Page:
Business not as usual

Claire Carson, HR Consultant at Cognitive Law, our legal partner, shares her insights into the trends currently impacting businesses as people process this new normal.

The work I do with different businesses highlights trends in behaviour impacted by external influences, whether they be upturns, downturns, seasonal peaks and troughs or in as in recent months: global pandemics.

I see patterns of behaviour from people impacted by what is happening around them.  Such trends can help us to understand people’s behaviour and anticipate what might happen next.

The Kubler-Ross change model is a simple tool that shows the stages people tend to move through when they experience change. You may recognise yourself or some of your colleagues and team members by where you and they are on the change curve by observing behaviours.

The trends I have seen so far follow the model, it can be a useful tool to reflect on what you have seen and to help yourself and others to identify the current stage and what to expect next.

I realised there were several people experiencing ‘shock’ and ‘denial’ when I began to receive an upsurge in questions directly from employees; they were disappointed, disgruntled and disenfranchised. They had been dismissed (some of them unfairly) and I received many queries around appeals, grievances and tribunals. Many employers were acting in haste as they saw a huge drop in clients and sales. Indeed, action must be taken quickly in such turbulent times but in some cases, the worst is yet to come if a fair and transparent and lawful process wasn’t carried out. There is usually a surge of complaints in downturns and employees who are left without an income in a difficult job market have nothing to lose if they raise a complaint.

The second tranche of questions were about furlough. When the government guidelines were first released, they were minimal and understandably there were many questions around which employees and businesses would be eligible and how to put furlough in to practice. For some businesses the Coronavirus Job Retention Scheme was a lifeline and they were keen to make full use of it. But there were strict guidelines and not all of them had been released. Several of my clients were caught between needing to make quick decisions and not knowing exactly where the goalposts were. There was an incredible amount of ‘frustration’ experienced by both employees and employers at this stage.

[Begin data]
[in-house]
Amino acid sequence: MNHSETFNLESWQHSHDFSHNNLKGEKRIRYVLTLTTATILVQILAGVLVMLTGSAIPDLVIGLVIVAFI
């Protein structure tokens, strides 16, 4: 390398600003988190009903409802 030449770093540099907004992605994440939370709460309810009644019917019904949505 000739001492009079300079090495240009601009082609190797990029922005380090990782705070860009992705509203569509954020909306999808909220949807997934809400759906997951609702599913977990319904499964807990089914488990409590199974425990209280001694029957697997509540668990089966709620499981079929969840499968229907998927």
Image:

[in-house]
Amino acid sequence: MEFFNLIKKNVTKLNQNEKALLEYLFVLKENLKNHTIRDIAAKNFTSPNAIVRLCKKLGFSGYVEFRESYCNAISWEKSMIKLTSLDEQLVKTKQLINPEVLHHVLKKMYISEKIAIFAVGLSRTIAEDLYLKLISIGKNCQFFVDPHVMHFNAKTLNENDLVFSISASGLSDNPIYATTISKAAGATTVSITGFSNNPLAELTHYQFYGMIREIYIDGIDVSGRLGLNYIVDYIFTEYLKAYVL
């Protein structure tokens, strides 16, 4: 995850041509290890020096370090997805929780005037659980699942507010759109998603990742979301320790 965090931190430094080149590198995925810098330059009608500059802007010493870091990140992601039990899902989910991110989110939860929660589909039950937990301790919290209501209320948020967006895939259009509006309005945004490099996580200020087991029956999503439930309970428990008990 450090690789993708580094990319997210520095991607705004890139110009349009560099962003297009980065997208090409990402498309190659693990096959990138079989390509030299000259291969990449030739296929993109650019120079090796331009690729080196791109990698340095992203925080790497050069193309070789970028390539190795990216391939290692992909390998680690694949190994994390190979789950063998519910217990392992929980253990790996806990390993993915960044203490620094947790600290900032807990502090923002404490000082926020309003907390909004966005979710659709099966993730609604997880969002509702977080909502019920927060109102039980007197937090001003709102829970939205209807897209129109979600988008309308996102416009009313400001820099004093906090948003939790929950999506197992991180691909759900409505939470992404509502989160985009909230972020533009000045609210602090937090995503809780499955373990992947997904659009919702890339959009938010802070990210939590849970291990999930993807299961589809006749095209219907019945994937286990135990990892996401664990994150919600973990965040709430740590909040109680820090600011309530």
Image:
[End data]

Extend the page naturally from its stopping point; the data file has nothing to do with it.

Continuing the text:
According to the model, the next stage is ‘depression’, although it’s important to remember that not everyone experiences all the stages and people do move both forwards and backwards through the model. What I saw was a lull, business had slowed, and many employees were on furlough. It’s conceivable that such a change to people’s lives and income could affect their mood negatively.

The next stage in the model is ‘experiment’ and I’m seeing more of this as businesses turn their focus elsewhere. You will, I’m sure, have heard about some of the breweries and distilleries that are now making hand sanitiser. Many food outlets are offering new home delivery services (and providing sustenance to our beloved NHS staff). Of course, not all organisations can pivot in this way and instead they are working hard to keep their business afloat, which is incredibly challenging if your employees are not allowed to work under the furlough scheme.

The penultimate stage is ‘decision’.  My early indicators of this have been queries about redundancy as business owners reach conclusions about their longer-term needs.  Other decisions being made are continuing to use furlough, how to integrate working from home for a longer period and returning to the workplace.

The final stage according to Kubler Ross is ‘integration’.  This is where we’re all heading and what I’m starting to work on with business leaders to developing their strategy.

Several clients are thinking ahead, anticipating what will happen next and how to prepare for various scenarios. Business leaders are forecasting sales and profits and planning recovery and growth and I’m providing insights on how we can best understand the mindset of people to incorporate them into the overall strategy.

By understanding more about how people have been affected by their experiences we can include actions to transition them back to becoming motivated, healthy team members once more.

Unsurprisingly, putting the people aspect into a strategy can be difficult for some; it takes strong leadership, emotional intelligence and strategic decision making, as well as great communication, engagement and development.

You can read more about how Cogntive Law can support you from a legal perspective during this pandemic.

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